- Published13 Sep 2018
- Reviewed13 Sep 2018
- Source BrainFacts/SfN
The reward prediction error hypothesis is a widely-recognized, well-researched theory about dopamine and its relation to learning. This video, shown from the viewpoint of Robby the Rat, comprehensively reviews the reward prediction error hypothesis as it applies to his addiction and reward cues in his brain.
This video won honorable mention in the 2018 Brain Awareness Video Contest.
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[Upbeat Music] This is Robby [squeaks]. Robby is a teenage rat who spends his days exploring his surroundings, interacting with friends, and eating lots and lots and lots of tasty treats. All of these activities are enjoyable for Robby because of a special neurotransmitter called dopamine in his brain. That's dope! But how does dopamine work?
Similar to human brains, rat brains utilize dopamine to transmit messages from one nerve cell to another. Dopamine is concentrated in several pathways throughout the brain, one of those being the ventral tegmental area (try saying that five times fast), or VTA, which is related to reward and motivation [cheering]. This area of the brain releases dopamine in response to natural rewards. So every time Robby eats a piece of cheese [squeaks] or spends time with his friends [squeaks], dopamine is fired in the brain.
How much dopamine gets released is regulated by reward prediction errors, or RPEs. When Robby is expecting to get one piece of cheese and instead gets two pieces of cheese, dopamine is fired at higher rates in his brain. The reward was greater than what Robby expected. When Robby is expecting to get one piece of cheese and gets one piece of cheese, dopamine firing stays the same or is only slightly increased. The reward was exactly what Robby expected. When Robby is expecting to get one piece of cheese and gets no cheese at all, dopamine firing is decreased. The reward was less than what Robby expected and he may feel disappointed [crying]. These reward prediction errors help Robby to learn when and where he might encounter more rewards.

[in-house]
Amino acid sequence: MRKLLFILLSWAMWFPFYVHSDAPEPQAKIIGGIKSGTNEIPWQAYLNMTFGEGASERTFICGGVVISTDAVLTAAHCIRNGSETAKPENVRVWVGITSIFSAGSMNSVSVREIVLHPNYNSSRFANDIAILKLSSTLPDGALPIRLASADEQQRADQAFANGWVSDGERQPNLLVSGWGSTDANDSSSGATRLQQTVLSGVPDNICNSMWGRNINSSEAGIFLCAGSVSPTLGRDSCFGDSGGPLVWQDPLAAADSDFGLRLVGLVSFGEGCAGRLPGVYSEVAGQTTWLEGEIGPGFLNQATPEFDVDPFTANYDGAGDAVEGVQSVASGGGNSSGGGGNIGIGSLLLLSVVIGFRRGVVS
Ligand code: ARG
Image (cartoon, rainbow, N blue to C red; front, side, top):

For example, Robby begins to notice that when his owner opens the fridge, he gets cheese. Eventually over time, dopamine begins firing in his brain every time he sees a fridge being opened. These are called reward cues. But what happens when Robby is introduced to a drug like cocaine? [ominous music] Remember the VTA which is responsible for releasing dopamine in response to a reward?
Cocaine and other drugs of abuse hijack this area, causing very high amounts of dopamine to be released. Reward prediction errors can no longer regulate [ocean wave whooshing] how much dopamine is released. The extra dopamine tricks the brain into over-valuing cocaine and cocaine becomes more valued with each use. Since this new drug is so highly valued, Robby begins to lose interest in all of his old activities: he no longer searches for cheese, he no longer explores his neighborhood, and he has no time for his friends. And remember those reward cues we talked about? The same thing occurs with cocaine.
Eventually, his brain begins firing dopamine whenever he sees a cue related to cocaine, such as a dollar bill or white powders that look like cocaine. Eventually, Robby realizes that his cocaine use is getting in the way of his daily life. [optimistic music] But in order for Robby's dopamine levels and reward system to return to normal, Robby needs to stop using cocaine by treating his addiction. Though it will take quite a bit of time for Robby to recover from his addiction, behavioral therapy and pharmacotherapy (or medication treatment) have helped him to start enjoying his old activities again and appreciate new rewards like brie!
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